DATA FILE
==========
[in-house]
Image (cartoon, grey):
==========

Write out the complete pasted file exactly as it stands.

[in-house]
Image (cartoon, grey):